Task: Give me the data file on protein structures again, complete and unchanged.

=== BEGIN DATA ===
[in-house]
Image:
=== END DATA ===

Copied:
[in-house]
Image: